North and South Korea exchange gunfire at border: Seoul

South Korean soldiers patrol along a barbed wire fence Demilitarized Zone (DMZ) separating North and South Korea. (File/Ed Jones/AFP)
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Updated 03 May 2020

North and South Korea exchange gunfire at border: Seoul

  • The rare exchange of gunfire comes following the reappearance a day earlier of North Korean leader Kim Jong Un
  • A South Korean guard post was hit by several shots from the North, the joint chiefs of staff (JCS) said in a statement

SEOUL: North Korea fired multiple gunshots toward the South in the Demilitarized Zone dividing the peninsula on Sunday, prompting South Korean troops to fire back, Seoul’s military said.
The rare exchange of gunfire comes following the reappearance a day earlier of North Korean leader Kim Jong Un after a near three-week absence from the public eye that triggered intense speculation about his health.
A South Korean guard post was hit by several shots from the North, the joint chiefs of staff (JCS) said in a statement, adding no casualties were reported on the South’s side.
“Our military responded with two rounds of gunfire and a warning announcement according to our manual,” Seoul said.
The JCS added it was communicating with the North via their military hotline to determine the cause of the incident.
The two Koreas remain technically at war after the Korean War ended with an armistice in 1953, and despite its name, the Demilitarized Zone is one of the most fortified places on earth, replete with minefields and barbed-wire fences.
Easing military tensions on their border was one of the agreements reached between Kim and the South’s President Moon Jae-in at a summit in Pyongyang in September 2018.
But most of the deals have not been acted on by the North, with Pyongyang largely cutting off contact with Seoul.


COVID-19 spread harder to control without common effort says French PM as daily cases double

Updated 53 min 25 sec ago

COVID-19 spread harder to control without common effort says French PM as daily cases double

  • French health authorities reported 1,397 new COVID-19 infections over 24 hours on Tuesday
  • New clusters have mushroomed as people let their hair down on holiday, families hold reunions and workers return to offices

PARIS: The renewed spread of coronavirus in France could become harder to control without a collective effort to stop a rise in the infection rate, its prime minister said on Tuesday.
The public was becoming careless, Jean Castex warned, after official data recorded nearly 5,000 new COVID-19 cases from Saturday to Monday. The epidemic has now killed more than 30,300 people in France.
French health authorities reported 1,397 new COVID-19 infections over 24 hours on Tuesday, almost twice Monday’s tally.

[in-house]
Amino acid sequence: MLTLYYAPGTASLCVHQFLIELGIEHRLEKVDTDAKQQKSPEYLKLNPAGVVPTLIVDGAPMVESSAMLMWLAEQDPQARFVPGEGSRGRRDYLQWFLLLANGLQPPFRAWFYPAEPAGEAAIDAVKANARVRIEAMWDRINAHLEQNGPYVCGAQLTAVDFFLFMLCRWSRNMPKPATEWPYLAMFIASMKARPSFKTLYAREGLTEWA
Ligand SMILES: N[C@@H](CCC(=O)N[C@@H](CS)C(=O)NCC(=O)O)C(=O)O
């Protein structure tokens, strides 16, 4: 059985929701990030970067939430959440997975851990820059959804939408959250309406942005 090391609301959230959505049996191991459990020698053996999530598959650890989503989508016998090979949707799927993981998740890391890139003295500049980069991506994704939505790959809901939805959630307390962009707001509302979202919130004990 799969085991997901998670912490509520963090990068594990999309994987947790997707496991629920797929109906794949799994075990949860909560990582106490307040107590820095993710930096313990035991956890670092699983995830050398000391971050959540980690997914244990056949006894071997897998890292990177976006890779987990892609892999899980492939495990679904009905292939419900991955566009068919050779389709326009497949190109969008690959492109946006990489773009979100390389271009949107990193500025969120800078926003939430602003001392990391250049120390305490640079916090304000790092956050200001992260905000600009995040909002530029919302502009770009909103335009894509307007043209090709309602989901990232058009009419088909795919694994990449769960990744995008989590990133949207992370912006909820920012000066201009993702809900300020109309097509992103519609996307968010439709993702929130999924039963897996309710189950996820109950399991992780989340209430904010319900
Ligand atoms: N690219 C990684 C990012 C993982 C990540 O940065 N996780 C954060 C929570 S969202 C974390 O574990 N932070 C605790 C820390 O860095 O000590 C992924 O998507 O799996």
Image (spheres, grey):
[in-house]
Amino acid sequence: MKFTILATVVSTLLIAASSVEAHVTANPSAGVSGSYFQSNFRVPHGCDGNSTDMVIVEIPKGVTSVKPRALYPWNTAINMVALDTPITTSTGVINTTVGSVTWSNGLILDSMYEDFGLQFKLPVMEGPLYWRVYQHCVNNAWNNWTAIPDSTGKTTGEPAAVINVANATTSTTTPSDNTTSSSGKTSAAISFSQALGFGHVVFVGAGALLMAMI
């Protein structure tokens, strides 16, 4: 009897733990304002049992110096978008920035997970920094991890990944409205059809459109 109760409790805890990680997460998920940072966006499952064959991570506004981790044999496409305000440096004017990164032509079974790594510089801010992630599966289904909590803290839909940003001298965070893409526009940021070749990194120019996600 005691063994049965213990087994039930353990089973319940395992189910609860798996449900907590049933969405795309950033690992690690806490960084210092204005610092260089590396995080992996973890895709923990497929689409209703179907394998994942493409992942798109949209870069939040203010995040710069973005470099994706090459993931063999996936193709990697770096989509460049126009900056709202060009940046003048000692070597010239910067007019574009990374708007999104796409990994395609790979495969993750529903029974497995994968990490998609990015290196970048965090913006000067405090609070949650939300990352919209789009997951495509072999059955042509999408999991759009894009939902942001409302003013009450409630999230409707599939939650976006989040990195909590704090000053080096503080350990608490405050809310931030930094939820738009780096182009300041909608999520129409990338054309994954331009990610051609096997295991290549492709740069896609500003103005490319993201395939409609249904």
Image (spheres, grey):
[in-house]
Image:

The Health Ministry website said there were 15 new deaths in hospital due the disease, compared to an increase of 16 over a three-day period between Monday and Saturday,
“If we don’t act collectively, we expose ourselves to the heightened risk that the rebound in the epidemic becomes hard to control,” Castex said during a visit to a hospital intensive care ward in southern France.
France’s 7-day moving average of new infections climbed to 1,640 on Monday from 1,056 on July 31. The 7-day measure reached a post lockdown low of 272 on May 27, a little over 2 weeks after the government eased one of Europe’s strictest lockdowns.
But as in most neighboring European countries, new clusters have mushroomed as people let their hair down on holiday, families hold reunions and workers return to offices and France is desperate to avoid another full-scale lockdown.
Britain has said it will not hesitate putting more countries on its quarantine list, including France, where hordes of Britons spend their summer vacations.
Earlier on Tuesday, President Emmanuel Macron held a video conference with top ministers from his Riviera summer retreat.
During the meeting, it was decided France would draw up new restrictions for the 20 largest cities to curb the rising infection rate and that a ban on gatherings of more than 5,000 people would be extended until Oct. 31.
Some cities have already taken action. Paris on Monday joined Toulouse, Lille, Biarritz and others in imposing a mandatory face mask order in crowded outdoor zones. They are already compulsory nationwide in shops and banks.
The prime minister said testing was “more than satisfactory,” with more than 600,000 tests being conducted weekly, but said more could still be done to target those with symptoms, the prime minister said.
Talking of the risk of another lockdown, Castex said: “no one wants to live through that again.”